Yeltsin, on the Stump, Shifts Right : A move that could be more than just tactical should concern Washington
Boris Yeltsin will wait until next month before saying whether he will seek reelection as Russia’s president but-- his single-digit popularity ratings notwithstanding--there’s little doubt he’s already campaigning for the job.
After a long recuperation from what is still officially described as a mild heart attack, Yeltsin is back in view, erupting over the military’s humiliating failure to bring the 13-month-old revolt in Chechnya to an end and, with hardly a hint of thanks for moderate Foreign Minister Andrei V. Kozyrev’s five years of loyal service, replacing him with Yevgeny M. Primakov, late of the Soviet-era KGB and most recently head of Russia’s Foreign Intelligence Service. At a time of growing nationalism and longing for Russia’s erstwhile great power status, Yeltsin is clearly moving to the right, where--if last month’s Duma elections are a portent--many of the votes in June’s scheduled presidential election are likely to be.
The parliamentary voting showed minimal support for Yeltsin’s policies, with only about 10% of the total going to the main government party. Paradoxically, though, the voting might have improved Yeltsin’s reelection chances. The biggest party in the Duma, Russia’s parliament, which convenes Tuesday, will be Gennady A. Zyuganov’s backward-looking communists. In second position is the extreme right Liberal Democratic Party of the mercurial Vladimir Zhirinovsky, now modestly offering himself as a presidential candidate who is a “patriot, a legal expert and attractive to women.” Alexander I. Lebed, an admired if not overly bright former general, proved unable to draw much support for his faction, and may quickly fade as a presidential contender. The June race thus could come down to a contest between a couple of outer-edge opponents of reform, one of them probably around the bend, and Yeltsin, a known if not wildly popular presence.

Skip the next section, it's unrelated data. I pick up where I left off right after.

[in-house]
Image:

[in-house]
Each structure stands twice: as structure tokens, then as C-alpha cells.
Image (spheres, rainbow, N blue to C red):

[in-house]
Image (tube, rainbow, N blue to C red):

Even before sacking him, Yeltsin had joined in the nationalists’ complaints that Kozyrev was too conciliatory toward the West. Much of that criticism stems from hurt feelings over Russia’s sharply reduced ability to influence world affairs. Primakov, the new minister, who has spoken of Russia serving as a “counterweight” to American international influence, is unlikely to be accused of an insufficiently pro-Russian bias. Some see his appointment as chiefly a matter of expedient domestic politics. But Russian nationalism, including hegemonic ambitions over great parts of the former Soviet Union, is more prudently viewed as a constant rather than a seasonal matter. Yeltsin’s shift to the right could well be more than just tactical. Whoever wins the presidency in June, Washington is likely to find itself dealing with a Russia whose external policies are less cooperative and possibly far more assertive.